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Sustained Improvement in Federal Financial Management Is Crucial to 
Addressing Our Nation's Future Fiscal Challenges' which was released on 
February 9, 2005.

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Testimony:

Before the Committee on Government Reform, House of Representatives:

For Release on Delivery Expected at 2:00 p.m. Wednesday, February 9, 
2005:

Fiscal Year 2004 U.S. Government Financial Statements:

Sustained Improvement in Federal Financial Management Is Crucial to 
Addressing Our Nation's Future Fiscal Challenges:

Statement of David M. Walker: 
Comptroller General of the United States:

[Hyperlink, http://www.gao.gov/cgi-bin/getrpt?GAO-05-284T]:

GAO Highlights:

Highlights of GAO-05-284T, testimony before the Committee on Government 
Reform, House of Representatives: 

Why GAO Did This Study:

GAO is required by law to annually audit the consolidated financial 
statements of the U.S. government. Proper accounting and reporting 
practices are essential in the public sector. The U.S. government is 
the largest, most complex, and most diverse entity on earth today. Its 
services—homeland security, national defense, Social Security, health 
care, mail delivery, and food inspection, to name a few—directly affect 
the well-being of almost every American. Sound decisions on the current 
results and future direction of vital federal government programs and 
policies are made more difficult without timely, reliable, and useful 
financial and performance information.

Until the problems discussed in GAO’s audit report on the U.S. 
government’s consolidated financial statements are adequately 
addressed, they will continue to (1) hamper the federal government’s 
ability to reliably report a significant portion of its assets, 
liabilities, costs, and other information; (2) affect the federal 
government’s ability to reliably measure the full cost as well as the 
financial and nonfinancial performance of certain programs; (3) impair 
the federal government’s ability to adequately safeguard significant 
assets and properly record various transactions; and (4) prevent the 
federal government from having reliable financial information to 
operate in an economical, efficient, and effective manner.

What GAO Found:

The federal government completed its consolidated financial statements 
on December 15, 2004. This is just 76 days after the end of the fiscal 
year—a record for timeliness. However, as in the previous 7 fiscal 
years, certain material weaknesses in internal control and in selected 
accounting and financial reporting practices resulted in conditions 
that continued to prevent GAO from being able to provide the Congress 
and American citizens an opinion as to whether the consolidated 
financial statements of the U.S. government are fairly stated in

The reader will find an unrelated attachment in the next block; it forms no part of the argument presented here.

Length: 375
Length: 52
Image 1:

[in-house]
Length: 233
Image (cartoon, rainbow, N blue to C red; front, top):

conformity with U.S. generally accepted accounting principles. Three 
major impediments to an opinion on the consolidated financial 
statements continue to be (1) serious financial management problems at 
the Department of Defense, (2) the federal government’s ineffective 
process for preparing the consolidated financial statements, and (3) 
the federal government’s inability to adequately account for and 
reconcile intragovernmental activity and balances between federal 
agencies. Further, in our opinion, the federal government did not 
maintain effective internal control over financial reporting and 
compliance due to numerous material weaknesses.

While GAO was unable to express an opinion on the consolidated 
financial statements of the U.S. government, several key items deserve 
emphasis in order to put the information contained in the financial 
statements and Management’s Discussion and Analysis in perspective. 
First, the federal government reported a $412.3 billion unified budget 
deficit and a $568 billion on-budget deficit in fiscal year 2004, 
representing approximately 3.6 percent and 4.9 percent of gross 
domestic product (GDP), respectively. Second, the U.S. government’s 
reported liabilities, commitments, and other obligations grew by over 
$13 trillion in fiscal year 2004, primarily due to enactment of the new 
Medicare prescription drug benefit, and now surpass $43 trillion, 
representing close to four times current GDP. In addition, while the 
size of the nation’s long-term fiscal imbalance grew significantly 
during the fiscal year, the retirement of the “baby boom” generation is 
closer to becoming a reality. Given these and other factors, it seems 
clear that the nation’s current fiscal path is unsustainable and that 
tough choices by the President and the Congress will be necessary in 
order to address the nation’s large and growing fiscal imbalance. 

An emerging issue during fiscal year 2004 that merits concern and close 
scrutiny was the growing number of Chief Financial Officers (CFO) Act 
agencies that restated certain of their financial statements for fiscal 
year 2003 to correct errors. Frequent restatements to correct errors 
can undermine public trust and confidence in both the entity and all 
responsible parties. The material internal control weaknesses discussed 
in this testimony serve to increase the risk that additional errors may 
occur and not be identified on a timely basis by management or the 
auditors, resulting in further restatements.

www.gao.gov/cgi-bin/getrpt?GAO-05-284T.

To view the full product, including the scope and methodology, click on 
the link above. For more information, contact Jeffrey C. Steinhoff or 
Gary T. Engel at (202) 512-2600.

[End of section]

Mr. Chairman:

I am pleased to be here today to discuss our report on the U.S. 
government's consolidated financial statements for fiscal years 2004 
and 2003. Both the consolidated financial statements and our report are 
included in the fiscal year 2004 Financial Report of the United States 
Government, which was issued by the Department of the Treasury